The fight over the controversial phone subsidy initiative known as Lifeline is heating up, with Republican lawmakers trying to kill the program and TracFone, a prepaid service provider led by Mexican billionaire Carlos Slim, waging a campaign to save it.
Lifeline started in the 1980s to ensure low-income households had access to landlines, but the program earned the name "Obama phone" in 2012 when critics accused the White House of handing out cell phones under the program.
Sen. David Vitter of Louisiana is one of the program's most vocal Republican critics, arguing that it has become too bloated and wasteful.
"Now it's an out-of-control, fraud-ridden, entitlement program that spoils what should be a worthwhile helping hand," he told Politico
, adding "TracFone is upset because I'm fighting to end this program, which would also end their corporate welfare."
TracFone, a subsidiary of Slim's telecom giant America Movil, receives federal funds for its Lifeline, operations, with each provider collecting $9.25 a month per customer.
TracFone reportedly receives up to a quarter of the federal program's funds. The company got $451.7 million in support payments in 2011
The company, which reportedly spent $640,000 on lobbying efforts last year, has repeatedly pointed to the fact that Lifeline started under President Ronald Regan and expanded to wireless service under President George W. Bush. It is not an Obama program, as some Republicans and other critics have suggested.
"We had enough," Jose Fuentes, a TracFone spokesman, told Politico. "A lot of this misinformation was generated by Washington lawmakers themselves. And a few members have picked up on this issue and made it a political one to score points back in their districts."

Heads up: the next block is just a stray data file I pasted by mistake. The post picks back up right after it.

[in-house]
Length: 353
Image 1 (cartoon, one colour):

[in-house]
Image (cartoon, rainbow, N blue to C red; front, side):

But Vitter, who is trying to get rid of Lifeline through amendments to existing bills as well as new legislation, is not alone in his criticism.
"Their cash cow is under scrutiny and is at risk," Arkansas Republican Rep. Tim Griffin told Politico, referring to TracFone.
Oregon Republican Rep. Greg Walden, head of the House Energy and Commerce technology subcommittee, has also recommended a cap on a fund that includes the $2.2 billion program. Democratic Sen. Claire McCaskill of Missouri, meanwhile, has raised objections to the program and has asked the Federal Communications Commission to transfer funds from Lifeline to a new broadband initiative in schools.
The lawmakers maintain they are responding to concerns expressed by constituents about the overall costs of the program.
"I don't give a rip who started it," Griffin told Politico. "Whoever started it and whether you call it an 'Obama phone,' I'd like it be known as ending in 2013."
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